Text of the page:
Wednesday, October 4, 2023

Enterprise Agile

Applying agile methodology in your software project? Good!

Working for an organization large enough to be called an 'enterprise'? Probably that's good too.
Why so?
Access to resources is the main reason.
  • You may have heard that agile is all about small self-directing teams -- yes, that's part of the doctrine. But how many small teams are needed for your project? Dozens? Hundreds even?

  • Where do those people, tools, training, facilities, communications, etc come from? And who pays for all that?

  • Answer: the Enterprise.
Ah, yes, the Enterprise!
And where does that money come from? It comes from customers (profit), or taxpayers (if you're a government enterprise), or donors (if you're a charity, church, etc), or owners and/or private investors (if privately held), or owners and public investors (if you're a publicly traded company)

Enterprise expectations
So, here's the thing: if you're doing Agile methods in an enterprise setting, the enterprise will impose expectations .... starting with: value return on resources invested.

It's the ageless problem: Other people's money! OPM comes with strings, to wit: a value return is required.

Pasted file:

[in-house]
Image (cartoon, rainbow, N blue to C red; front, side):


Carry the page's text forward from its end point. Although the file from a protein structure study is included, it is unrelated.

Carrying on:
And here's another thing: the enterprise expects that you can estimate/forecast/predict what the resource requirements are that will get to something valuable (to the enterprise). In other words, it's rare indeed that there's a pot of funds you can dip into at your leisure and convenience. Enterprises don't work that way.

With enterprises comes rules and accountability
What makes an enterprise an enterprise is size and scale. And there is the rub: Sad to say, but size and scale is always more than a handful that a few people can carry around in their head. So, many others have to lend a hand and participate in making and supporting both size and scale. Such then brings rules, procedures, accountability, etc. into the frame.

Invariably, one of the rules is going to be you have to have a viable narrative to get resources committed to your project. The standard three elements of the narrative you've heard before:
  1. Scope: what is it you are going to do, and how does that "doing" add value to the enterprise?
  2. Schedule: when can you likely produce results? (No single point estimates, of course. It takes a range!)urc
  3. Resources: how much do you need, and when do you need it? In other words, the resource ramp (up, but then inevitably down) We're speaking about cash flow, and resource allocations.
I can't do this!
You can't handle the narrative?
You can't describe what you need? (Or you stubbornly cling to the No Estimates paradigm?)
You can't connect the dots: value, resources, scope? 
You're not enterprise-ready!

I almost forgot:
I wrote the book: "Project Management the Agile Way: Making it work in the Enterprise" 2nd Edition. The cover photo is below

Like this blog? You'll like my books also! Buy them at any online book retailer!